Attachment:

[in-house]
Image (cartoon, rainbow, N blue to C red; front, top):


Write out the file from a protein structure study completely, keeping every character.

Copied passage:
[in-house]
Image (cartoon, rainbow, N blue to C red; front, top):